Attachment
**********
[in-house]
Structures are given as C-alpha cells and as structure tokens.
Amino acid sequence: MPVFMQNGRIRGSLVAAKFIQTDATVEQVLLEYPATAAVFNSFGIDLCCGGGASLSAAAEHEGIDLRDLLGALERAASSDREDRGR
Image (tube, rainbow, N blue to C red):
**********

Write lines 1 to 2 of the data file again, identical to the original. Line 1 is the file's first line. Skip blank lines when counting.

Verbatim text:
[in-house]
Structures are given as C-alpha cells and as structure tokens.